- The majority of your runs should be at easy pace: Your main focus as a beginner should be developing aerobic fitness and endurance. Your pace should allow you to talk comfortably. If you can't, slow down! Speed will come later. If that means you have to walk, then walk. You are laying the foundations for long term health and running fitness. Trust the process and you'll keep injuries at bay and improve your fitness for a long time to come.

- Make sure you have at least 1 rest days per week: Running 3-6 times per week is more than enough to see results and get better at running. Even if you've entered a race and you feel time pressured, allow yourself time to rest. Training is a stress on the body that causes damage to our muscles and tissues and challenges our energy systems. Rest is where the body repairs this damage in order to come back fitter and stronger. Don't be afraid of rest days, they are just as important as training itself.

- Consistency is king: You don't need any fancy gimmicks. Consistent running is what will get you fitter and more resilient.

There are still huge gains to be made in aerobic capacity through increasing training volume and the distance of your long run. As with beginners though, this needs to be done gradually. What should be your longest long run? See below for GUIDELINES on what distance you should be aiming for in the last few weeks leading up to your race.

- 5k 8-9 miles - 10k 15-16 miles

- Half Marathon 16-18 miles

- Marathon 18-22 miles

- 50k Weekly mileage of 50-55 miles with 30-40% coming from a long run

- 100k Weekly mileage of 60-100 miles with 30-40% coming from a long run

So if you've not accumulated at least 400-500 hours of easy/zone 2 work in a year, there are still lots of improvements to be made to your endurance which will also help you run faster. This is because it will train your body to primarily utilise aerobic energy production at higher speeds, therefore minimising the build up of lactate within the blood. The lactate build up is what causes that heavy feeling in the legs and reduction in speed. So by improving endurance through easier, conversational running and increasing volume over time, you can slow down the feeling of the fatigue kicking in until later stages of longer runs.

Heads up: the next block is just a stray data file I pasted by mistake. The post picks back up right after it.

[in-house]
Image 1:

However, there is another way to build endurance which focuses on what we call lactate clearance. There will become a point where lactate does begin to build up within the blood and muscles but we can train the body to become more efficient a clearing it quickly. This will offset fatigue kicking in. This can also be referred to as speed endurance. This allows you to hold those faster paces for longer periods of time. Before I delve into specifics, let me just quickly talk about another basic, but key training principle. Specificity. Simply put, to get better at a specific thing, you need to train for that specific thing. It is also accepted that the very specific elements we want to improve, should be implemented closer to the start of a season or in the case of running, close to your 'A race'. What that means is your lactate clearance workouts should be saved for the last 8-12 weeks of pre-race training. You want to maximise your fitness just before the race, rather than trying to hold onto it for months before the event and increasing your chances of injury. As an intermediate runner, adding 1 of these sessions per week is more than enough to improve speed and get that race PB. Here are some examples of a speed workout to get you started in each discipline.